Happy Birthday! Hope it’s a good one! 🙂

    For super-revisions, yes, oh yes….finding this out now, I am. It’s sad to cut out scenes that I like, that I enjoyed writing, but if I’m honest with myself, they aren’t necessarily as good as they could be, and they don’t fit in with what I now know I have to do, so…out they go. Or into my “extra words” file, actually.

  • Happy Birthday, Di.

    I don’t think of my stories as my babies. Although I’d be hard pressed to say which of my ‘babies’ has undergone more surgery. I think right now my blood ‘n’ bones son wins – more than a dozen major surgeries, parts removed, other parts added…


  • Wolf: Mine aren’t yet teens. But I’ve got a feeling that dismemberment will be one of those things I want to commit. Frequently.

    Sagablessed: I could chop them up and sew them back a thousand times! I could leave parts out. I could . .. Oh, wait. You’re not talking about my actual children are you? 😀

    Razziecat: It’s terribly sad. I am now trying to figure out if I could use them in some little quick flash stories.

    Lyn: Oh that just sucks on your son. That’s usually me in my family–the parts removed bit.

  • Di – my son is a story unto himself. Now, if I could just figure out how to add a magical element, that’d be great. All the editing is done (I hope)! 😉

  • So…you’re saying…I really can’t ignore that inner-editor thorn in my side? It’s not true that I’m just imagining that certain stuff doesn’t fit? That in fact the whole thing is too long? That the action scenes need to be moved up from the last third of the book? That slaving for weeks over scenes and plot threads does not guarantee them a spot in the manuscript?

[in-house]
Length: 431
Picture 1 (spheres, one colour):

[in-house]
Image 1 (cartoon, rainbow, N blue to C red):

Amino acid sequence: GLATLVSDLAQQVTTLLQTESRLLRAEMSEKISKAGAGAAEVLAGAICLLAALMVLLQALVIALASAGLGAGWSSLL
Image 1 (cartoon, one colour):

Have you seen the Bosch IXO Vino Cordless Lithium-Ion Screwdriver with Limited Edition Corkscrew Attachment at Amazon? It gets those pesky wine bottle corks out in no time flat.

    Those two paragraphs *are* related.

  • This reminds me of a thought experiment:
    Imagine a ship leaves port made entirely of red material. It has red deck planks, red sails, red rope and so on. During its circumnavigation of the globe it pulls in to other ports to repair damage. Each time it replaces the damaged item with a blue one so that by the time it has returned to its home port it is made entirely of blue items. Is it the same ship that left or a new blue one? At what point did it stop being the original red ship and start being a new blue one?

    Thus it is with my book. I pulled four chapters, wrote five entirely new ones and shifted the focus of the plot. Short of changing the character names and a couple of key details it is a new book… or is it?